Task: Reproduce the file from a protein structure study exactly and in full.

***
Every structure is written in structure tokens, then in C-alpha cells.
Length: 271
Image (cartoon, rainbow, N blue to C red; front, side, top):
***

Every structure is written in structure tokens, then in C-alpha cells.
Length: 271
Image (cartoon, rainbow, N blue to C red; front, side, top):